Catholic Social Teaching and the Environment

"For in him were created all things in heaven and on earth, the visible and the invisible, whether thrones or dominions or principalities or powers; all things were created through him and for him. "

Colossians 1:16

A place that many of us fail to make a connection between our Christian Values and the way that we live is concern for the environment.  We show little care for the environment in the way we "over-consume" our natural resources.  Genesis 1:26 reads "Let them have dominion over the fish of the sea, the birds of the air, and the cattle, and over all the wild animals and creatures that crawl on the ground."  Many people take this "gift of dominion" to mean we can do whatever we what with the "world." In action, we can do what we want. That doesn't mean that we should do whatever we can. We need to recognize our natural resources as a a gift, a gift to be cherished. If we truly cherish something we use it wisely. act as though that is giving us dominion over the Earth, God has given us permission to do. (For Christian Anthropology I wrote a paper on the "Christian view of Creation as a gift.")

Genesis 2:15 declares that we are charged to take care of the world.  So, we must choose wisely how we use the natural resources to show value for them and not use the resources beyond our basic needs.  And we should recycle to slow the consumption of those natural resources. No matter how long our natural resources might last, why use them faster than necessary.

St. Francis is the patron saint of ecology.  He stressed the importance of living in harmony with nature and the animals.  In his book Preacher as Risk Taker, Richard Hart writes that many eco-psychologists believe that our own health is the tied to the health of the planet (Hart, Richard, O.F.M. Cap. Preacher as Risk Taker.  The Liturgical Press.  Collegeville, 2003)  The healthier the planet, the healthier we are.  Everyday more species of plants and animals become extinct.  How many of these plants could have been used to provide cures for disease?  How many of the animal species are needed to maintain the balance of nature?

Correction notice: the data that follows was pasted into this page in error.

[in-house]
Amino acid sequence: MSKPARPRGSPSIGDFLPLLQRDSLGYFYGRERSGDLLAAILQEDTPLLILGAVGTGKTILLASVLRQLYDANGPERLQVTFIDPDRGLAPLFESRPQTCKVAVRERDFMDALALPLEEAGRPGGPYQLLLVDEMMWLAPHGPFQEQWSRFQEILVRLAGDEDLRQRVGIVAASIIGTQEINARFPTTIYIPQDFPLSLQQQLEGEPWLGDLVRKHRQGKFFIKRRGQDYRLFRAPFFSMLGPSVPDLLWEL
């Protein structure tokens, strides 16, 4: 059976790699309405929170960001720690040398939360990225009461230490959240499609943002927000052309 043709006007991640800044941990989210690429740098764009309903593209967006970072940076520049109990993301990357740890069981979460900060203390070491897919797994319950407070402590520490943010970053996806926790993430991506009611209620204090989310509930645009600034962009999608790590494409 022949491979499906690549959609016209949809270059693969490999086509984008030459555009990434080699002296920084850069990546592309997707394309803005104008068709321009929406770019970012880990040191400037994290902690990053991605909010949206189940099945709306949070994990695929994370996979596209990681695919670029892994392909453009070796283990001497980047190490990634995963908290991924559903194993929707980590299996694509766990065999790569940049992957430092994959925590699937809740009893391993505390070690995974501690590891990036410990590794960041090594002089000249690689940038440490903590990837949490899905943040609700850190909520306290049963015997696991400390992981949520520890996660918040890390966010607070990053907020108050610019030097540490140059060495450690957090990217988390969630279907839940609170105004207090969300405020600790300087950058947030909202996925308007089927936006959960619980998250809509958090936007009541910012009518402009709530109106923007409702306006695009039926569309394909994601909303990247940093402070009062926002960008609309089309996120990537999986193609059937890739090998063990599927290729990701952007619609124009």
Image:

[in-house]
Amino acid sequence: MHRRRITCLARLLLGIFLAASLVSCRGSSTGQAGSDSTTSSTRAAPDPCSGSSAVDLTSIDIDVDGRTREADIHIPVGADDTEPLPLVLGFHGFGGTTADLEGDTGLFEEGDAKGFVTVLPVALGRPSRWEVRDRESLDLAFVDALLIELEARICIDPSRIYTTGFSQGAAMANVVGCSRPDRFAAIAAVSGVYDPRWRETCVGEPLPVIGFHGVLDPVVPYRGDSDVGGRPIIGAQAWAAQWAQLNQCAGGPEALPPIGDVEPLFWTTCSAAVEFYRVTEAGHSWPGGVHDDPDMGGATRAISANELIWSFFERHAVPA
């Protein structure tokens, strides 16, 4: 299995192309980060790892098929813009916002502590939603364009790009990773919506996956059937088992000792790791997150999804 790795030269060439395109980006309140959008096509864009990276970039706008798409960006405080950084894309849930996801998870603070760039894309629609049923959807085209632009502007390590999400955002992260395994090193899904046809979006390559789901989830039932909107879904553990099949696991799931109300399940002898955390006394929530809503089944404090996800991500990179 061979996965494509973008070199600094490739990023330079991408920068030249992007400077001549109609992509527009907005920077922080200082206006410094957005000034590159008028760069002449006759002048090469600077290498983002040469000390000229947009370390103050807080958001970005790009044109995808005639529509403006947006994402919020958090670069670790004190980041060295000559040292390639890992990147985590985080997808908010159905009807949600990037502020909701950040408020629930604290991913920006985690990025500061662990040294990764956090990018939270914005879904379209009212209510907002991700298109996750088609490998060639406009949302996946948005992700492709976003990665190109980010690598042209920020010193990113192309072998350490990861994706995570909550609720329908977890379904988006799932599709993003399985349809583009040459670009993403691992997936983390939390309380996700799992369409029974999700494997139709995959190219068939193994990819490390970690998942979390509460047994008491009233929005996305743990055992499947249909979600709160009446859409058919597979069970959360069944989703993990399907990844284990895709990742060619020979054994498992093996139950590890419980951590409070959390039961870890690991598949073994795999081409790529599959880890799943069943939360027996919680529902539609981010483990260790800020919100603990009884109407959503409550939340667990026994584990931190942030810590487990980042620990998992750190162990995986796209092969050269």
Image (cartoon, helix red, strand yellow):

So far, I have spoken in favor of conservation of our natural resources and I firmly believe in doing so. However, there is at least one thing more important than natural resources. That is human life. I don't think conservation of our natural resources and protecting our environment are much in conflict with protecting human life. When they are, human life is more important.

These principles can be applied to something as basic to life as water.  A few years ago I was part of a panel on "Water Issues" hosted by Catholic Charities of Chemung and Schuyler County.  The first speaker was Dr. Hillary Lambert of the Cayuga Watershed.  The first part of her presentation focused on understanding the scope of the effects we have on the watershed.  From here in Elmira the Chemung River drains south to the Susquehanna River, and eventually to the Chesapeake Bay.  What we do to our water affects the waters entering the Atlantic Ocean from the Chesapeake Bay.  In Catholic Social Teaching there are Seven Themes as presented by the United States Bishops.  The sixth theme is "solidarity."  We must think not just of ourselves but of others.  We must ask ourselves how what we do affects others. Then Dr. Lambert discussed the questions of hydofracking in the Marcellus Shale for natural gas drilling.   The second speaker was Sr. Phyllis Tierney, SSJ (Justice and Peace Coordinator for the Sisters).  There is a lot of water in the world but did you know that only 3% of that water is drinkable.  There are 1.1 billion people in the world without access to safe drinking water.  She spoke of the need for balance in nature.  When wetlands are destroyed in the name of development it upsets this balance.  When animals or vegetation are introduced outside their native areas, it can upset the balance.  We must do our part to maintain the balance of nature.  I spoke about Catholic Social Teaching on these water issues.  Here is the Q & A handout I provided in question and answer format. I spoke on concepts such as why the Church speaks about environmental issues, why water is important in our Catholic values, the Seventh Commandment, "You shall not steal" as it applies to use of water, overconsumption and life-style, and how we talk to atheists about water issues as a matter of rights.